Mr Wesley replied that there were certain things Armscor only should be allowed to produce. If they are not limited, it would increase competition with suppliers in the industry. It was felt that “commercial activities” should not include production.

Ms L Xingwana (ANC) agreed with the AMD that the Secretary of Defence and the Chief of the SANDF should be on the board. Regarding remuneration, she said that market related standards should be considered as many of the people who would be on the board were people from the private sector.

Mr Oosthuizen (ANC) wanted a definition of commercial activities. He also wanted to know which strategic facilities should be excluded from Armscor’s management. He asked whether AMD felt that the Chief Acquisitions Officer should be on the board. He questioned AMD’s suggestion that Armscor should motivate to the Minister for the reserve fund.

Mr Wesley said that the purpose of the reserve fund was not very clear. It was not clear whether it was for internal needs or for procurement. The definition of commercial activities would need time. He promised to present something to the Committee in two weeks time. The issue around strategic facilities was also not well defined. This is needed from Armscor. AMD will submit their definition of the term. AMD felt that the chief acquisition officer would bring a competence to the board which is needed.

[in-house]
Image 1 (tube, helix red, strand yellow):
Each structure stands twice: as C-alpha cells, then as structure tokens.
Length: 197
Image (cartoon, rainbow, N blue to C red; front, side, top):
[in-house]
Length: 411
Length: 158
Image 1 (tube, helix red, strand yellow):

Mr Ntuli (ANC) asked what would happen should the Secretary of Defence and the Chief of the SANDF disagree with one another on the board. He felt that the Chief should be excluded. Mr. Wesley said that both members would bring extra expertise to the committee.

Adv Schmidt referred to Armscor’s competition with the private sector. He asked whether it would be considered competition if it went into the commercial field.

Mr Gerber (AMD board member) said that if Armscor decided to sell old equipment, it could lead to a conflict of interests. Mr Wesley made an example of the Simonstown dockyard, which he said was not viable commercially. If Armscor ran it, it would not be in competition with the industry.

The Chair added that the commercialisation of Simonstown Dockyard was very important. She felt that the Chief of the SANDF and the Secretary of Defence would bring different expertise to the board. The inclusion of the Chief Acquisitions Officer would have to be considered carefully. The system of remuneration would also have to be considered as attendance at meetings did not mean that work was being done. She wanted to know what ‘SADISO’ was.